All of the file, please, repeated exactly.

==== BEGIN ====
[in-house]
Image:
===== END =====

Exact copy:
[in-house]
Image: